29 April

Ten Commandments for bilingual blogs

Blog i18n (4)

Is it possible, bilingual blogging?

Yes, and there are sites out there. But, the truly coherent, consistent, bilingual blog... I just haven't found it. My blog isn't either that kind of blog. I have written a list of features (Ten Commandments) with which true multilingual blogs should comply.

My own blog is, surprise! quite compliant. Well, this list reflects personal viewpoints, so no one should feel disappointed with this superiority of standards shown by The English Cemetery: it's a biased commandment list. However, I miserably fail with commandments 6 and 7, so far. Regarding 4, my blog could behave better also (and it can, using the power of Zope and Localizer, but I'm just too lazy right now).

So, the good, true and faithful bilingual blog should have:

  1. Language change. There should be a button, link, or pulldown menu to click or select, present in every page. That's the way to turn from reading content in one language to the other in a bilingual blog. Mixtures of languages in individual pages, no, that's not OK. Langauge change behaviour could vary: the distinction between symmetrical and asymmetrical blogs that I describe here is a key issue.
  2. Monolingual entry page. The main page appears to you in a given language, coherently English, or coherently Basque. Then, you may opt to change language. The first page to appear may be set by default, or perhaps, depend on browser settings. This commandement rules out the usual mixture of Lang1 / Lang2 messages in the first page, ordered by pure chronology, as well as the very curious double-horizontal layout of several sites.
  3. Interface as well as content bilingualism. You are reading a Basque post, so you can click on the Erantzunak link, if you know what it means. You are reading an English post, so you can click on the Comments link. Interface bilingualism should be bilingualism, not double-strings. No "Erantzunak / Comments" links. I don't like the redundancy at this en-fr or en-de sites. Messages should be in one or other language, depending on the content or language-category of the post you are reading, or in the action taken by the users when clicking the language change option.
  4. Interface string localisation capabilities. Not just single terms, by locale sensitive logic issues like date formats (and dates are important when blogging) should be localised in each language. In XML feeds, date formats should be standard.
  5. No double reading work. These people, for instance, they translate every post, so they explain things twice, once in A, another one in B. ( Transblawg , 0909 ) Such a blog could work with symmetrical model described in a previous post . One may fell the need to say the same things in several languages, of course, but, the reader? I can only understand that as an attempt of 2nd language or translation-teaching for your readers. Separate messages makes discussion or commenting consistent as well. Basque readers respond to Basque messages, Spanish readers to Spanish ones. Different threads may be constructed, of course. A bilingual messages can't have a consistent thread behind it: are we supposed to comment also in bilingual ?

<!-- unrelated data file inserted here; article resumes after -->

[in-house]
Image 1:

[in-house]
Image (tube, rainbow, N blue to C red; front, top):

6. Open and coherent categorization. So far, my own blog is trilingual cause I have twisted Coreblog to make just 3 categories as locale-defining factors. The result is that I don't have categories, just language options. Other blogs also use categorization for multilingualism.
  7. Character sets conveniently adapted to non-ascii character sets. At the HTML interface level, as well as in XML feeds or pings (trackbacks) delivered.
  8. One separate XML feed per language. This is the most obvious feature to me. Look at the commandments listed here: the mixing of languages in postings, categories, interfaces and so on can be so complicated. The XML feed must always be clear. Those who use the feed with some aggregator or other need clear messages from our feed. Basque users need a clear XML feed in Basque from this site. Basque users who understand other languages and want the other content that I post here, then it's easy: they can subscribe to the other language feeds as well. The XML feed should include, if possible the lang variable marked following the Dublin Core standard or in any other feed specification that there might be.
  9. Same system (that is, ONE system) for the bilingual blog. If it's a moblog, the email posting procedure must be the same for the whole blog, with just one variable (a kewyord in the message or something) to direct the email to the Basque or English section of the blog. If you change the skin, the css-style, whatever, you change it once, it is applied conveniently to the whole blog, to its contents.
  10. Should be based in free software and its content protected by an open license, like creative commons or FDL. I needed the 10th commandement to reach the magic number, so I included this one :-)

Examples out there.

Posted via: luistxo (08:02) | Permalink | Comments (5) | Trackbacks (2)